Erythrina subumbrans. Arch Pharm Res 30, 1398–1403, 2007.
33. Nguyen PH, Le TV, Thuong PT, Dao TT, Ndinteh DT, et al.: Cytotoxic and
PTP1B inhibitory activities from Erythrina abyssinica. Bioorg Med Chem
Lett 19, 6745–6749, 2009.
34. Baskic D, Popovic S, Ristic P, and Arsenijevic NN: Analysis of
cycloheximide-induced apoptosis in human leukocytes: fluorescence mi-
croscopy using annexin V/propidium iodide versus acridin orange/ethidium
bromide. Cell Biol Int 30, 924–932, 2006.
35. Sharma M, Agrawal SK, Sharma PR, Chadha BS, Khosla MK,
et al.: Cytotoxic and apoptotic activity of essential oil from Ocimum
viride towards COLO 205 cells. Food Chem Toxicol 48, 336–344,
36. Riccardi C and Nicoletti I: Cell and developmental biology analysis of apop-
tosis by propidium iodide staining and flow cytometry. Nature Protocols 1,
1458–1461, 2006.
37. Li WX, Cui CB, Cai B, and Yao XS: Labdane-type diterpenes as new cell
cycle inhibitors and apoptosis inducers from Vitex trifolia L. JAsianNat
Prod Res 7, 95–105, 2005.
38. Wang R, Li C, Song D, Zhao G, Zhao L, et al.: Ethacrynic acid butyl-ester
induces apoptosis in leukemia cells through a hydrogen peroxide-mediated
pathway independent of glutathione S-transferase P1–1 inhibition. Cancer
Res 67, 7856–7864, 2007.
39. Kim KC, Kim JS, Son JK, and Kim IG: Enhanced induction of mito-
chondrial damage and apoptosis in human leukemia HL-60 cells by the
Ganoderma lucidum and Duchesnea chrysantha extracts. Cancer Lett 246,
210–217, 2007.
40. Arnoult D: Mitochondrial fragmentation in apoptosis. Trends Cell Biol 17,
6–12, 2007.
41. Li J, Xia X, Ke Y, Nie H, Smith MA, et al.: Trichosanthin induced
apoptosis in HL-60 cells via mitochondrial and endoplasmic reticu-
lum stress signaling pathways. Biochim Biophys Acta 1770, 1169–1180,
42. Jeong JC, Jang SW, Kim TH, Kwon CH, and Kim YK: Mulberry fruit
(Moris fructus) extracts induce human glioma cell death in vitro through
ROS-dependent mitochondrial pathway and inhibits glioma tumor growth
in vivo. Nutr Cancer
62, 402–412, 2010.
43. Wyllie AH: Glucocorticoid-induced thymocyte apoptosis is associated with
endogenous endonuclease activation. Nature 284, 555–556, 1980.
Downloaded by [Satyam Kumar Agrawal] at 02:55 14 October 2011
... Cell cytotoxicity potential of the prepared NLC formulations was determined, employing the established procedure of MTT assay [40,41]. MCF-7 as well as MDAMB-231 cells (1 × 10 5 cells/well each) were harvested in individual 96-well plates, each containing the culture medium (100 μL), and kept overnight for adherence to plate surface. ...
... The excess medium containing drug and formulation was removed, and the cells were subsequently washed using phosphate buffer saline (pH 7.4). After washing, the cells were treated as per the documented MTT assay protocol [40,41]. ...
Bioactives are documented to exhibit diverse pharmacological activities, however, their low and inconsistent bioavailability primarily pose serious impediment against their potential therapeutic usage. Efforts, therefore, have been undertaken to systematically develop nanostructured lipidic carriers of chrysin, a vital flavonoid, employing Capmul PG-12 (i.e., liquid lipid), glyceryl monostearate (i.e., solid lipid), stearylamine, Phospholipid S-100 (i.e., cosurfactant) and Poloxamer 188 (i.e., surfactant). NLCs were formulated using hot-melt dispersion-high pressure homogenization method and optimized using Face-Centred Cubic Design. Afterwards, stearylamine was conjugated with biotin as ligand through EDC-NHS coupling reaction and biotin-staerylamine complex formation was ratified using H-¹NMR and FTIR. It was further used instead of SA for the preparation of biotin-conjugated-optimized NLCs (Bio-NLCs). Mean particle size of consequent Bio-NLCs was found to be 246.4 nm and zeta potential as 11.4 mV. In vitro release studies indicated sustained drug release characteristics from NLCs over 48 h. Cell line studies conducted on coumarin6-loaded Bio-NLCs in demonstrated remarkably superior cellular uptake over naive NLCs and pure dye. Marked improvement in absorption parameters was observed during in vivo pharmacokinetics for Bio-NLCs and NLCs vis-à-vis pure chrysin suspension. However, the improvement for naive NLCs was relatively lower than that of Bio-NLCs. Almost 5.20-folds augmentation in Cmax (p < 0.005), 8.94-folds in AUC0-24 (p < 0.001), 7.46-folds in AUC0-∞ (p < 0.001) and 7.25-folds in Ka (p < 0.01), signify improved degree of drug absorption and retention of Bio-NLCs. Stability studies indicated the robustness of Bio-NLCs, when stored under refrigerated storage conditions for 3 months. By and large, the current work demonstrates high potential of Bio-NLCs for distinctly improved biopharmaceutical performance of chrysin.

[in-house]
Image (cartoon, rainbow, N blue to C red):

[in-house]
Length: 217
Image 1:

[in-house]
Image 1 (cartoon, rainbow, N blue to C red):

... Previously published reports have identified major constituents from E. suberosa and anticancer compounds such as wighteone and erysotrine, sitosterol, erythrinassinate B, 5,7,4 ′ -trihydroxy-8,3 ′ ,5 ′triprenylflavanone, erythrabyssin II, stigmasterol, erysodine, and hypaphorine, campesterol, sandwicensin, erythraline, and erythratidinone have been identified (Singh & Chawla, 1970, Singh & Chawla, 1970Khaomek, 2003, Cao et al., 2016. Bark from the E. suberosa tree was found to contain anticancer properties against Human leukaemia HL 60 cells (Agrawal et al., 2011). Though widely consumed and incorporated in recipes (Patti et al., 2019) food and used in traditional medicine, there is still a dearth of studies to advocate the use of this plant in primary care and its biological potential remains understudied. ...
... Various studies have confirmed the various medicinal uses such as its leaves can be used to suppress the sperm production, in the treatment of high blood pressure, inhibits the production of androgens and gonadotropins 18,19 . Stem bark has anti-tumor, hypoglycemic, cytotoxic, anti-spasmodic, antibacterial, anticancer activities 20,21 . Ceiba pentandra L. C. pentandra is a member of family Malvaceae and is commonly called as silk cotton tree or kapok tree . ...